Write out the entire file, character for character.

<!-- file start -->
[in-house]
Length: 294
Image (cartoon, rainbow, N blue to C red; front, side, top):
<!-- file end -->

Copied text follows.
[in-house]
Length: 294
Image (cartoon, rainbow, N blue to C red; front, side, top):